Resource Center

article

How Seattle PD is using Axon VR to train officers better and faster

We sat down with Seattle PD for a candid conversation about the future of law enforcement training

After more than 25 years as an active-duty police officer, Jim Morgan of the Seattle Police Department knows how challenging street-level work can be. When he transitioned into a training role, he learned firsthand how current training methodologies can fall short. That’s why he jumped at the chance to bring Axon VR into Seattle PD’s workflow.

Clint Collins and Matt Torma from the Axon VR team sat down with Morgan to pick his brain about his role as TASER Master Instructor and VR coordinator, the challenges his department faced, how he brought VR in as a solution and the impressive results. Here are the highlights from the conversation.

The limits of traditional training

Morgan says the existing training systems for both crisis intervention training (CIT) and TASER energy weapons fell short in several ways. Using slides and videos took a long time and didn’t engage trainees, while roleplay training suffered from a lack of realism and consistency.

First of all, pulling officers off the street for training had a knock-on effect on their schedules. “Having our patrol take the day off and be off the streets limits our response time,” says Morgan. “They have to come fight for parking, change their hours – and when you do that to anybody outside of their regular life cadence, they're already not in the mood to train."

It didn’t help that trainees also often had to deal with limited instructors and props. When no instructor was available to roleplay in the scenario, the nearest warm body would have to sub in, learn a script on the spot and play out the scene. That reduced the realism of the scenario, as did the training’s use of props that did little to create an immersive environment.

“We don't have many dedicated facilities around here at the venue, so we'll use a stack of mats and pretend it's a bridge. And we tell trainees to imagine that this is a bridge, or this is a city, when they're actually looking mats and chairs,” says Morgan.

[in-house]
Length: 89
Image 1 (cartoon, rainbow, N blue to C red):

“They literally have to ask us again, ‘This is the bridge?’ We almost had to write down ‘bridge’ and put it on a piece of paper.”

All this reduced the consistency of training. It also took a long time to set up, run individual officers through, reset and repeat, with the other officers simply waiting around the whole time.

Traditional TASER energy weapon training

Many of the same limitations applied to TASER energy weapon training. Either trainees practiced on static targets, or they needed an instructor in an oversized velcro suit — also referred to as a hook-and-loop training (HALT) — suit to aim at. Either way, each trainee needed an instructor to supervise their form. With an upgrade from TASER X2s to TASER 10s on the horizon, Morgan knew he needed a way to get officers up to speed on the new technology as fast as possible. He turned to Axon VR.

How Seattle PD integrated Axon VR

Since receiving its first VR hardware from Axon in March 2022, Seattle PD’s program has expanded to include 48 headsets and 16 TASER 10 VR Controllers. Every officer in the department has to go through Axon VR. The VR hardware is used in two key ways: Community Engagement Training (CET) and TASER energy weapons training. 

Community Engagement Training

Community Engagement Training is designed to cultivate skills, empathy, and de-escalation tactics for interacting with community members, victims in crisis, and individuals experiencing a mental health episode. These modules let Morgan prepare officers for challenges they might never have faced before they’re forced to do so in the real world.

“There’s a huge library of content,” says Morgan. “So I wasn’t forced to pick.”